A man carried his child on his shoulders, while a another woman joined in the rhythm, using a spoon and metal coffee pot
Lebanon marked 76 years of self-rule Friday, with protesters kicking off festivities nationwide instead of a military parade to mark what they say is a first year of "real independence."
An unprecedented protest movement has gripped the small Mediterranean country since October 17, demanding the complete overhaul of politicians deemed inept and corrupt.
In west Beirut, protesters staged a small musical parade, banging percussion instruments, singing traditional songs and dancing.
"There are loads of marches but this one is the craziest. I hope this independence day will be a turning point," said Leila, a woman carrying cymbals in both hands.
"Previously, the politicians had been treading on our heads. Our pockets are still empty but we've have found a new dignity," she told AFP, before zipping back into the crowd.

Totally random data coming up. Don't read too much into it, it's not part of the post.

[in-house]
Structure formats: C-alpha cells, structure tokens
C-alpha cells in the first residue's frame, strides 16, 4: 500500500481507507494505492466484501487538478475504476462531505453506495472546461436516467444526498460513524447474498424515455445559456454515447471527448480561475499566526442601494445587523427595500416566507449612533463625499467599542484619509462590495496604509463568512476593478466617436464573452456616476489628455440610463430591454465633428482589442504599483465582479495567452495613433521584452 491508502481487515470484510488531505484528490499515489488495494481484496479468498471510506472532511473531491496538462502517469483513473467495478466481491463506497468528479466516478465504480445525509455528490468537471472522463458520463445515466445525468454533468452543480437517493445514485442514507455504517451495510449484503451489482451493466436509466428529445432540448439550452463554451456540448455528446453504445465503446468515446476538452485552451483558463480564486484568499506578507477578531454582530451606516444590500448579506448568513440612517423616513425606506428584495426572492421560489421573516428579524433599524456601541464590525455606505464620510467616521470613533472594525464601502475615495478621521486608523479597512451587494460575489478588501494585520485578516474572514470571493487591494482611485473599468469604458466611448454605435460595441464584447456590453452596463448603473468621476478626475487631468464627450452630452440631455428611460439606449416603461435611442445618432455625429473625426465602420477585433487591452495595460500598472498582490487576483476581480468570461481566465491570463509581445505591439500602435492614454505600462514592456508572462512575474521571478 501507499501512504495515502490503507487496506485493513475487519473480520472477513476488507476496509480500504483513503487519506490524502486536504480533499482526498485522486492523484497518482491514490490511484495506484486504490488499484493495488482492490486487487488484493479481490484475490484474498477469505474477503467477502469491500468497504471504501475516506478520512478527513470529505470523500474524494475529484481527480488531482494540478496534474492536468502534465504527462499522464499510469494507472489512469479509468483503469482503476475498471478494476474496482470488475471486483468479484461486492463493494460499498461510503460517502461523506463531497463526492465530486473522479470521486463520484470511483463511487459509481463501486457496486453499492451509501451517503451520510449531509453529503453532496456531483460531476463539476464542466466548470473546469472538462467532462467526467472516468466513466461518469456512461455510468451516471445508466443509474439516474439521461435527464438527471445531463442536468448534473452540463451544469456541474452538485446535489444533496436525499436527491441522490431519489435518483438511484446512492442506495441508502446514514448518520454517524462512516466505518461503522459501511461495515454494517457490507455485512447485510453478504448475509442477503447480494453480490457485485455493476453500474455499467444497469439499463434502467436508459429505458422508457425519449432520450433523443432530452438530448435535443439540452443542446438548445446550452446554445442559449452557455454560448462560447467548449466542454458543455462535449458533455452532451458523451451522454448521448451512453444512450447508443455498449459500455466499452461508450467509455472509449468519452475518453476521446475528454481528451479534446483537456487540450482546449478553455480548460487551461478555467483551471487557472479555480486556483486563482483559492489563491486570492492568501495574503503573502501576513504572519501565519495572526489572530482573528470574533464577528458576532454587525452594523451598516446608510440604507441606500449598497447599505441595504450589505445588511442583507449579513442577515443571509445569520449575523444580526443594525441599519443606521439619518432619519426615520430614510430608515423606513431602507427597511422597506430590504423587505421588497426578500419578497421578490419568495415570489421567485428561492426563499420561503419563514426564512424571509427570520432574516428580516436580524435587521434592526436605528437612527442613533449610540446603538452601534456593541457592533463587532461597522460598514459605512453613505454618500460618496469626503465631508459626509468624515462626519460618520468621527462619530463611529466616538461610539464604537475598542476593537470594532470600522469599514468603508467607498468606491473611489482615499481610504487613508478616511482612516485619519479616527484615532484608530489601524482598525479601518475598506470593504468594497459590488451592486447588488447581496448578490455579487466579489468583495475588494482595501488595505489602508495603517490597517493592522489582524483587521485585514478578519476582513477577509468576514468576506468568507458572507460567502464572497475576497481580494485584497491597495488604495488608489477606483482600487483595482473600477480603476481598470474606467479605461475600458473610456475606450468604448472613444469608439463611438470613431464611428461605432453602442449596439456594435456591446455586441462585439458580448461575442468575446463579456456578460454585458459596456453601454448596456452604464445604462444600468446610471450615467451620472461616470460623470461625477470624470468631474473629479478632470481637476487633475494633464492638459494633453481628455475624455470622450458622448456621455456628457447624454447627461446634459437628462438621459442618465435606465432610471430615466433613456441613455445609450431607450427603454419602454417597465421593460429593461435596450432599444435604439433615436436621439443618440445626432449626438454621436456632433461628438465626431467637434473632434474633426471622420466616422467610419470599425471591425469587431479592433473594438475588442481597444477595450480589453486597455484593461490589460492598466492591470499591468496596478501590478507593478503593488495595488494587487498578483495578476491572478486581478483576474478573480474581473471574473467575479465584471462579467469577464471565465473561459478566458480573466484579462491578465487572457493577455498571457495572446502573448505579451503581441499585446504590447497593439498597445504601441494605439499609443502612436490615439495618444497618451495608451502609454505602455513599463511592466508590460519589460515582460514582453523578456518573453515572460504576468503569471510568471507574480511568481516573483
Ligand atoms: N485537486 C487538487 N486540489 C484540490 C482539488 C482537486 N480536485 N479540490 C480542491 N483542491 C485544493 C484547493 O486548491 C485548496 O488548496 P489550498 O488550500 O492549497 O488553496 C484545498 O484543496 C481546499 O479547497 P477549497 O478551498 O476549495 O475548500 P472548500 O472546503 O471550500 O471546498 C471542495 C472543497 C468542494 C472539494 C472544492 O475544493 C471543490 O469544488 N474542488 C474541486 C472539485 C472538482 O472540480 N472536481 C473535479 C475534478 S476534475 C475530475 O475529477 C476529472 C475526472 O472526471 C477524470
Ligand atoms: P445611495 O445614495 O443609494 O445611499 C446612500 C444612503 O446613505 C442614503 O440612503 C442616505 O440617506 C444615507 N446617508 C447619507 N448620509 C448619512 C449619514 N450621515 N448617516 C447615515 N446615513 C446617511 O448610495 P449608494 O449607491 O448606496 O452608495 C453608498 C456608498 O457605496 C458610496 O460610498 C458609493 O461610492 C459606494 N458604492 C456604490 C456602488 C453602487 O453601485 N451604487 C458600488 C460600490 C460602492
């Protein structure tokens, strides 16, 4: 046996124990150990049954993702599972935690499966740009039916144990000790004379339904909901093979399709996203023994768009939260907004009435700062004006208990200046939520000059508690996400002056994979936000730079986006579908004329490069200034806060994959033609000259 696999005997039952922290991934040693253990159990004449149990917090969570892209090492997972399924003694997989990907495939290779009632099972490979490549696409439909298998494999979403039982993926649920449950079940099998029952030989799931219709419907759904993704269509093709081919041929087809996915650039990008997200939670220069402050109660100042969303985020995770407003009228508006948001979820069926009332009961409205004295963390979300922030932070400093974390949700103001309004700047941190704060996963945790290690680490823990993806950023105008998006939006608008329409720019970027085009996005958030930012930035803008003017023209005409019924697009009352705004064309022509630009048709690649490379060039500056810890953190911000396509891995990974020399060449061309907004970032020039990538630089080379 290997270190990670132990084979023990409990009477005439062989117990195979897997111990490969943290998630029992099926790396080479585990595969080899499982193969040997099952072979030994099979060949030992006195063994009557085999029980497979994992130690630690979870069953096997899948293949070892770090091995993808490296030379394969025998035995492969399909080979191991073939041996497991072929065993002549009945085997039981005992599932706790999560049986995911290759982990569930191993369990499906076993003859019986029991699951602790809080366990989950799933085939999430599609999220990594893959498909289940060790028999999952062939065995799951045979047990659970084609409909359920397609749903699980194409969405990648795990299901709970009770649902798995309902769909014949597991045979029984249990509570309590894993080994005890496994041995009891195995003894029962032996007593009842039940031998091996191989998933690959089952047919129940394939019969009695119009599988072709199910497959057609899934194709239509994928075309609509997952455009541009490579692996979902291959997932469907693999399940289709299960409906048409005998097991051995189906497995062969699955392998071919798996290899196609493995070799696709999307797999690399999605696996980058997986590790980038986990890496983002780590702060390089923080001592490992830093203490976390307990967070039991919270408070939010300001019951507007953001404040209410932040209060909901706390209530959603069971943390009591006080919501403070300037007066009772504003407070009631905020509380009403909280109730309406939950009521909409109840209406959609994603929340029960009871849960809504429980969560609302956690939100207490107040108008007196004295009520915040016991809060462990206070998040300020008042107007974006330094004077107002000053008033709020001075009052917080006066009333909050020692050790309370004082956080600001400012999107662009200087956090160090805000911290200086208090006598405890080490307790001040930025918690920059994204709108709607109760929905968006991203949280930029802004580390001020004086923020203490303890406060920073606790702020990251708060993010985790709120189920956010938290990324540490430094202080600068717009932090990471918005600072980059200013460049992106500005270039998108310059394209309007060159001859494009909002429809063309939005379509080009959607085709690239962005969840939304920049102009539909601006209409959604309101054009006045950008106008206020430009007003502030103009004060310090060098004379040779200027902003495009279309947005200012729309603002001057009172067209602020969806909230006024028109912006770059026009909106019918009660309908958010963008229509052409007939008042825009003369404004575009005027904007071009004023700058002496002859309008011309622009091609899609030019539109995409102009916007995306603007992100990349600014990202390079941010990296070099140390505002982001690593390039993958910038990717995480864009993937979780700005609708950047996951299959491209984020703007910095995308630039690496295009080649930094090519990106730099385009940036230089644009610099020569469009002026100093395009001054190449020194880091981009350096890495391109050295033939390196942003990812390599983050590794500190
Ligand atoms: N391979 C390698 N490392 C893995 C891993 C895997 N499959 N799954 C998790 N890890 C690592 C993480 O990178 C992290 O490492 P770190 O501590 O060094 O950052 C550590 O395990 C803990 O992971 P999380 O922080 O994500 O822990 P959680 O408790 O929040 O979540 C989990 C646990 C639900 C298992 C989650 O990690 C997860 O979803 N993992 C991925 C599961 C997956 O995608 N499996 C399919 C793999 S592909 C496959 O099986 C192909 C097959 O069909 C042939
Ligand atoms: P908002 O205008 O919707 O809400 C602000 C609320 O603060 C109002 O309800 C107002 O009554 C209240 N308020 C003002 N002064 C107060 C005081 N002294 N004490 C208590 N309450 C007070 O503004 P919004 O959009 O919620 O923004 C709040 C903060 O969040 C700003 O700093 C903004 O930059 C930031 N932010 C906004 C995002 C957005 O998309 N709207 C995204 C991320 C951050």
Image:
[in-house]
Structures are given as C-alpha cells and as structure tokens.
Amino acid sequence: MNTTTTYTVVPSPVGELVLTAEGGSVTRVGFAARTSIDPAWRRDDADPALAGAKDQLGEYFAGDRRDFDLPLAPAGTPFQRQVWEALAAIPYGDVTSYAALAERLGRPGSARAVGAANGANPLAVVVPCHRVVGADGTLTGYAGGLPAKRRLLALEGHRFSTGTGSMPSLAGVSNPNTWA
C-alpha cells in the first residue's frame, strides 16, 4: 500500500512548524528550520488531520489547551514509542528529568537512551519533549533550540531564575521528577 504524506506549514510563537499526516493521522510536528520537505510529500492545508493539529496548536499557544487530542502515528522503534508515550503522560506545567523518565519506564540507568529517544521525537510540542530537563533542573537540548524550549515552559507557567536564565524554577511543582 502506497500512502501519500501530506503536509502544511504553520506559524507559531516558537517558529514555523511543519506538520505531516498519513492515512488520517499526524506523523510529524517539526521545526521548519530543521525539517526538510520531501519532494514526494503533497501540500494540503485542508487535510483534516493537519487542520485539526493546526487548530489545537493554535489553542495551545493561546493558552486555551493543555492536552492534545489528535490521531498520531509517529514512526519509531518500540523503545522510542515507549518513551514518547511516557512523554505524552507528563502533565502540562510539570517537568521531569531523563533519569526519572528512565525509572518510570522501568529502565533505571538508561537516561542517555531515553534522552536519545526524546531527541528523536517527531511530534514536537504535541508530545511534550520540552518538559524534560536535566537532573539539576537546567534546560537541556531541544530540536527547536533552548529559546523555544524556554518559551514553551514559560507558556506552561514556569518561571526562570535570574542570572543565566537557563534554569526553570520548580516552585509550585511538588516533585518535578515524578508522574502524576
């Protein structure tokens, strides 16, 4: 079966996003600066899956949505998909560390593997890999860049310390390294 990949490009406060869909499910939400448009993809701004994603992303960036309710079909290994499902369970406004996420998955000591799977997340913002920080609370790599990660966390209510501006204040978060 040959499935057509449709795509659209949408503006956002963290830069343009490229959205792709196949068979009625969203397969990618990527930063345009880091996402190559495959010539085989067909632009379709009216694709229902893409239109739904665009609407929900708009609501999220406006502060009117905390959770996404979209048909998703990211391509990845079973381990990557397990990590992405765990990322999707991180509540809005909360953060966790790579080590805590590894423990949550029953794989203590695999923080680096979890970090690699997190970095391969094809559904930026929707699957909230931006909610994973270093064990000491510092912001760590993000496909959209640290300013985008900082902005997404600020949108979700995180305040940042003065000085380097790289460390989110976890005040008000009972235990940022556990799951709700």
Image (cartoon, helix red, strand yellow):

A man carried his child on his shoulders, while a another woman joined in the rhythm, using a spoon and metal coffee pot.
On November 22, 1943, Lebanon achieved independence after 23 years under a French mandate, following a wave of demonstrations that brought together the country's Christians and Muslims.
But the country was ripped apart in the 1975-1990 civil war.
Two more foreign powers occupied the tiny multi-confessional country -- Israel from 1978 to 2000, and Syria from 1976 to 2005.
A post-war accord sought to share out power between Lebanon's various religious communities, but the country remained deeply divided along sectarian lines.